When Emily, my 4-year-old, was diagnosed with stage IV high-risk cancer, I kept two water bottles filled with vodka in my hospital suitcase. Every night at 7 o’clock, I pulled one from my bag and rested it next to the stack of books that my daughter and I read before bed. In between pages of “Goodnight Gorilla,” I took little sips.
Drinking was magic. After a few sips, the worry of Emily’s chemo, blood counts, line infections, organ trouble and unexplained rashes drifted from my mind. For the first time all day, I could breathe.
As if I needed a reason, drinking was easy to justify. My kid had neuroblastoma, an aggressive disease with 50-50 odds of survival. A tumor the size of a softball rested on her adrenal gland and cancer cells floated from the top of her head to the tips of her toes.
For most minutes of the day, I beat myself up for not realizing Emily had cancer sooner. I scrolled through old pictures and thought, How did you not know? When I couldn’t take it anymore, I became fixated on Isabelle, my healthy 6-year-old daughter, who asked me, “Is Emily going to die?” after a boy in her class told her his grandfather died from cancer and that Emily would, too.
Drinking allowed the thoughts to stop ― or at least slow down. It helped me sleep and be a better mother. My edges softened and the wild thoughts of Emily living and dying subsided. I liked myself better. For an hour or two, I forgave myself.
To keep myself in check, I established ground rules: not drinking before 7 o’clock, only having enough to get a buzz, and not telling anyone what mingled with my Diet Coke in the plastic hospital cup. It was a system that worked.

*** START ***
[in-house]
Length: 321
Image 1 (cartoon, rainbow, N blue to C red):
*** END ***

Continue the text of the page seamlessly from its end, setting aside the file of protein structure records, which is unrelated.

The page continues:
Every parent on the pediatric oncology floor had a system. I watched a mom chain-smoke by the valets and a dad eat McDonald’s three times a day. We all needed something to get us through ― without it, we’d crash.
“Healthy” alternatives to cancel out the drinking weren’t lost on me. When my father came to the hospital to relieve me, I ran the city streets. Midday, I rolled my yoga mat onto Emily’s hospital room floor and went through a sequence from a yoga class. Movement distracted my mind during the day and booze allowed it to be still at night.
I had no desire, nor the time, to go to my doctor and tell her that I was struggling. She’d write me a prescription for something and tell me to talk to a therapist. Unless a therapist could promise me that Emily wasn’t going to die, I didn’t want to talk to her. Vodka was taking good care of me. My dose of three capfuls, twice nightly, was doing the job.
Like any relationship, there were a few bumps. On the Fourth of July, in an act of rebellion, I didn’t measure out capfuls ― I swigged from the bottle. The “supposed tos” of the day took over my mind. Instead of watching the parade, going to the beach, making s’mores and waving sparklers, we were locked in hospital jail watching bad cartoons.
That night, I fell asleep reading books to Emily. When I woke up, an infomercial for skin cream was playing on the television. My head throbbed and my throat was dry and scratchy. Sunlight poked through the curtains.
I sat up and swung my legs off the side of the bed. A wave of nausea and the spins made me grab the bedside rail. My water bottle was half-empty and made my heart sink. Did I really drink all of that?